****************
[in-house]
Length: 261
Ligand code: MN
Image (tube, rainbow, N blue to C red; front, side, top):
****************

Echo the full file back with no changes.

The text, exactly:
[in-house]
Length: 261
Ligand code: MN
Image (tube, rainbow, N blue to C red; front, side, top):